In his excellent book, Unspeakable, Os Guinness reflects on the heroic efforts of the French Huguenots who hid Jewish children from the Nazis during WWII. Philip Hallie wrote about this account in his book, Lest Innocent Blood Be Shed. When Hallie first read about the Huguenots’ compassion, he was moved to tears by “the rarity of pure goodness” that he saw in the story. Guinness comments on this:
“Eleonore Stump …argues that the same faculty of intuition that allows us to recognize the difference between degrees of evil also allows us to discern goodness. ‘We recognize acts of generosity, compassion, and kindness, for example, without needing to reflect much or reason it out. And when the goodness takes us by surprise, we are sometimes moved to tears by it.’
“Stump points out that we have no words to describe the different grades of goodness as we do for evil, so she uses the words, ‘true goodness’ to capture the contrast with real ‘wickedness.’ Repeatedly we weep when we are surprised by such true goodness. Partly we weep because of the surprise. Partly we weep because of the unexpected grace of the gift. But mainly we weep because of the sheer heart-stopping wonder of the beauty of true goodness itself.”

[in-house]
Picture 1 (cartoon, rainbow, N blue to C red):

“Could it be that there is a mystery to goodness that is even deeper than the mystery of evil? Certainly, like a diamond flashing in a pile of dirt, it is often set off even more brilliantly in contrast with surrounding evil. In the topsy-turvy relativism of our modern world, there are those who turn everything upside down, inside out, and the wrong way round. Good they make bad, right wrong, and true false, until many people are so confused they cannot tell the difference and see everything as gray or a matter of spin.”
“Can goodness be made fashionable again, not discounted as prim, uptight, and puritanical? There is comfort, if slim comfort, in the knowledge that when we begin to reap the harvest of evil that such relativism is sowing, goodness will once again be seen for what it is” (p. 225-226).